[Warning, general, but not specific, spoilers ahead. This is history, though. Not very accurate history, but history.]
Sofia Frederica (Marlene Dietrich), an aristocratic ingénue, is manipulated into marrying the Grand Duke of Russia (Sam Jaffe), a madman beholden to his dictatorial mother, Empress Elizabeth (Louise Dresser). In Sofia the Empress sees only a vessel to serve Russian civilisation and culture. She forces Sofia to throw away her past life, and take on Russian ways. She changes Sofia’s name to the Russian ‘Catherine’, converts her to the Russian Orthodox Church, and commands her to bear a Russian son. But from her ruin she will become Catherine the Great.
From its first scenes the film luxuriates in the macabre and themes of lost innocence. As a child Sofia (Maria Riva) is read Russia’s bloody history as a bedtime tale. Cut to a rapid montage of governmental carnage. Smash cut to a now adult Sofia on a garden swing, kicking into the camera.
The film is a kind of coming-of-age story. The aforesaid opening scenes show how sheltered Sofia is. Violence exists, and she knows of it, but it does pierce her ignorant innocence. As an adult she remains a child, taking pleasure in childish things, the swing, for instance. Her ignorance of the world hides her from cruelty. As her life crawls forward her Romantic cataracts peel off. She sees and suffers the humanity’s cruelties at the Russian court’s hands.
Her lack of agency in the film’s first half emphasises that she has not yet come of age, that she is still a caterpillar waiting to transform. In an early shot men in the foreground arrange her marriage, and emigration to Russia, while she stands silently in the mid-ground between them. The men speak over her, literally and metaphorically, as they define her future. The Count Alexei assures her the Grand Duke embodies all the princely virtues. He lies. Sam Jaffe plays the Grand Duke as a selfish, violent little man with Renfield’s madness glistening in his eyes and teeth. By his lie, Alexei robs Sofia even of her choice to look forward to or dread her fate, because she does not know what awaits her. Empress Elizabeth prevents her from retaining her old identity. She replaces Sofia’s name, religion and nationality. She even hijacks Sofia’s sexual agency, decreeing that Sofia’s body is not for herself, but for bearing a male heir to the throne.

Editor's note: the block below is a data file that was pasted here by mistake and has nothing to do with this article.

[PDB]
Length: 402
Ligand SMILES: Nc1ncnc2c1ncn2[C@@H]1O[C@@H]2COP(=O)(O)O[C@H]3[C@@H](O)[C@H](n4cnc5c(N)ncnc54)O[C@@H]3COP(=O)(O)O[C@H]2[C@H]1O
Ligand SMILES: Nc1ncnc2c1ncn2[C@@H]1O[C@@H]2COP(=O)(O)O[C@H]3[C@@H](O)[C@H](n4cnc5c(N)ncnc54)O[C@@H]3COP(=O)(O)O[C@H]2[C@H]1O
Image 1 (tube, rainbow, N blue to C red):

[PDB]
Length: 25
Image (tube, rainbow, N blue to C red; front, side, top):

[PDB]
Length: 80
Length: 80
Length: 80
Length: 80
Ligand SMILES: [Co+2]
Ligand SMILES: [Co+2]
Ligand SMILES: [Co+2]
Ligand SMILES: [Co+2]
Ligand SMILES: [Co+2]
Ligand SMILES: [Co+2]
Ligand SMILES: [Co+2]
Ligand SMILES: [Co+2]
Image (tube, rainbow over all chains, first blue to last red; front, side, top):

Fitting then, that Sofia reclaiming her sexual agency should symbiotically tie with her taking power, both narratively and thematically. Count Alexei forces her first sexual experience upon her, a kiss while they travel to Russia. This is not her choice. As the film progresses, however, the power balance in their affair shifts more and more to her side, and her pool of sexual partners widens. So assured of her sexuality does she grow, that she borders on proto-dominatrix by the end, playing with a riding crop as she speaks down to Alexei. Her crucible from childhood to adulthood is in large part a belated sexual awakening.
While Marlene Dietrich’s acting is superb, her face especially suits her role. She does not look old, of course, but she does look mature. Her face does not match the dewy-eyed, gawping-mouthed ingénue she plays at the beginning of the film. This discordance makes the viewer feel her innocence is unnatural; it does not fit her. By the film’s end Sofia/Catherine the Great has grown into Dietrich’s face, the face of an assured, seductive, powerful adult.
Visually the film drips a Continental, Gothic style. None of the characters seem to notice the grotesque, sometimes satanic, statues manning the halls and erupting from the architecture. The chairs of the Russian court, too, have grotesques fashioned into them, emphasising the odiousness of the court. Grand Duke Peter could blend right in with these statues.
Sternberg’s direction forces the viewer to recognise that despite the film’s gothic beauty, Sofia does not view it so. Take the wedding scene. Another director might have directed this scene to evoke a beautiful solemnness. The Russian Orthodox rituals, the fire light, the low chanting, all could be un-ironically poetic. But, in story, the ceremony will shackle Sofia to a grinning madman. Sternberg disconcerts the viewer. He packs the scene too full of props and actors. The candles flicker too erratically. In what might have been calm close-ups of Sofia’s face, a censer swings in and out of frame, in and out of her face.
There are about two scenes in the film which forgo Foley work, accompanying the visuals with only music. Here the film plays like a silent film. In another film I might call this laziness, but here it adds to the film’s unreality. The characters act, but in terms of sound their actions do not connect with the world.
The only negative thing I can say is a nit-pick. The title-cards are for the most part superfluous. Mainly they exposit plot-info that the viewer rarely needs to know. Occasionally, and most annoyingly, they literally spell out what the previous scene implied, as if the audience needed a study guide.
The Scarlet Empress is an underrated, underseen film worth watching. As an expressionistic, sensual 1930s historical drama it is worth a watch as a curio alone.